A 1750s brown linen caraco

Quite old project here, a creation I made last summer and I never wrote about! Shame on me! This little piece was a last minute project I made for an event last September but despite its simplicity, it turned out very well and it's lovely to wear.

Our event was set in the first half of 18th century and my closet wasn't equipped for that era. Being in the middle of the Halloween costuming season I really didn't have time to make a whole dress for me, including pattern drafting, mock ups, alterations and so on. So I looked in my stash and I found some scraps of the same brown linen of my previously made Outlander skirt. I cheated and used the same jacket pattern from Janet Arnold with some very basic alterations to draft the pattern of a mid-18th century caraco! The whole process took just about two days, yay! 

The whole thing came together so pretty that I decided to wear it again the week after in Tuscany. If you follow me on Instagram I'm pretty sure you already saw these photos. 

More are following...so keep on reading! 

So, as told before I used the same pattern of my blue Outlander jacket with just a few alterations. I just added winged cuffs (now removed) and elongated the skirt, using the body pieces instead of adding a separate peplum. This was definitely easier but it had to be done carefully because a wrong side length could cause wrinkles in the waist area (and you want a smooth bodice, right?). My side length (measuring over hoops) is 19.5 cm plus 1.5 of sleeve seam allowance so it is 21 cm in total. I added 22 cm more to this measurement to have a lovely and flowing skirts (2 cm were for the hem). When drafting skirts, please be generous and measure twice before cutting! Skirts HAVE to flare over your skirt support without pulling or be too tight; use all fabric width if possible and if not, add gores.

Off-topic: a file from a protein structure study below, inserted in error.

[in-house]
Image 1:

I sewed the cotton lining using the modern method right side VS right side and turning, then I hand sew some small running stitching to give the illusion of a hand-sewn garment. The stomacher is a separate piece and it's joined to the jacket with pins. 

Some construction photos...

And other photos of the caraco worn - again in working/middle class style. I definitely need a better cap. 
Photos by Letizia Taschetta:

Look at the back fit: yummy!

Aaaaaand...some fancy photos! Let's rock 18th century with some modelling attitude! Photos by Roberto Buonafina.

Little update: I DID talk about this jacket last year, but completely forgot about that post. You can read the original discussion here

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